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Business Intelligence Appliances: Disruptive Technology or Distractions?
May 23, 2007
Five steps for weaving data quality management into your enterprise data integration processes
May 28, 2007

Operational BI – Four Flawed Assumptions

published in Information ManagementOperational business intelligence (BI) can be an integral part of a portfolio of BI solutions. But before you put it to use, see my May DM Review column for an explanation of several assumptions that can steer you wrong.

1. Assuming that you’re revolutionary.

While you might think that reporting from your operational system (online analytical processing [OLTP], enterprise resource planning [ERP], customer relationship management, supply chain management), i.e., operational BI, is breaking new ground, people have been doing it since these systems were first created. Failure to recognize their experience to learn something from it means you’ll be destined to repeat it.

Decades ago, operational systems were custom built or used proprietary databases. Nowadays, most are bought from application vendors and are implemented on relational databases. And because BI tools today can access relational databases easily, why wouldn’t you use your BI tool to access and report on operational data directly?

BI tool technology hasn’t changed much in the last several years, but the way it is marketed certainly has. Initially, these tools were marketed for organizations building data warehouses (DWs). BI projects always involved DWs or data marts or summary tables. In the 1990s, ERP application implementation teams were busy with Y2K and rolling out ERP modules – often replacing legacy custom-built applications. Since Y2K, however, these ERP teams and the ERP vendors have shifted their attention from getting the data into applications to getting useful business values out of that data. With new interest from the ERP vendors who started partnering with the BI vendors, they realized they could market their tools to be used for that task.

2. Assuming that everyone needs real-time data.

Accompanying the trend to use BI to get data directly from operational systems was the realization that businesspeople could get real-time data rather than waiting for day-old data in the DW. Certainly, many applications, such as call centers and inventory management operations, truly benefited from the real-time information. But then everyone wanted real-time data. Operational BI was seen as the way to get it.

Most business processes don’t need real-time data. In fact, real-time data would cause problems or create noise, e.g., inconsistent data results, that would have to be filtered out. Much of what businesspeople do is examine performance metrics, trend reports and exception reporting. Most are looking at daily, weekly, monthly and year-to-date (YTD) analysis, not hourly analysis or trends. There are some industries where that would be useful, but with most it doesn’t matter what was sold between 9:05 a.m. and 9:30 a.m. today.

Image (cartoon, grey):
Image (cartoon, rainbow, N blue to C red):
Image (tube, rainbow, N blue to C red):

Remember, you build performance management and BI solutions to satisfy a business need. Real-time BI often is suggested because it can be done technically, not because of a business need. Do you really want to spend the resources, time and budget for something the business doesn’t need?

3. Assuming that you have made the DW obsolete.

The other key assertion that I hear from operational BI advocates is that it makes the DW obsolete. My response is, “What alternate reality are you living in?!”

Nearly every enterprise, no matter how large or small, needs a significant data integration effort to create data consistency, data integrity and data quality. It doesn’t happen in real time; it takes substantial resources. It’s often asserted that 60 to 70 percent of a DW effort involves data integration. And that’s just the beginning, because data integration becomes an ever-expanding issue as more data sources, both internally and externally, are added as you enable more data for the business users. DW is essential to most enterprises to enable data consistency, ensure data integrity and quality, and store historical data for trending and analytics.

4. Assuming that operational BI should be separate from “legacy” BI.

For the last two decades, IT has treated enterprise applications and BI/DW as two separate worlds. Each group has been on its own to build up its systems and create reporting and analysis solutions.

But ERP vendors saw, before their clients did, that these worlds needed to converge. It was too costly to keep them separated, and it created dueling “single versions of the truth,” so they added DW/BI offerings to their product mix, rode the ERP wave and promoted operational BI.

Now business users can use the same BI tools to access data wherever it’s located – stored in relational databases for ERP or DW applications and emerging in unstructured data and other types of storage. They don’t need to know where their BI tools are getting the data. Their BI tool should access data from the ERP application and DW (or data mart, operational data store, cube) without their even being aware that the data is coming from varied sources.

Business users need information to do their jobs, so their BI tool should get that data regardless of where it is or what form it’s in.

Whether it’s operational BI or some other aspect of BI, making blind assumptions can trip up any project. Take a high-level view and make sure your organization isn’t making any of these assumptions with its operational BI projects.

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